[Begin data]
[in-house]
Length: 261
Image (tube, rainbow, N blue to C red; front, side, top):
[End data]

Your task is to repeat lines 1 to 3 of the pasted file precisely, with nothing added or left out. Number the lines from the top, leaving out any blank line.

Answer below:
[in-house]
Length: 261
Image (tube, rainbow, N blue to C red; front, side, top):